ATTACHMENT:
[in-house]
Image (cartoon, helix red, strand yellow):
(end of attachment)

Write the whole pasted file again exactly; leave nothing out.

[in-house]
Image (cartoon, helix red, strand yellow):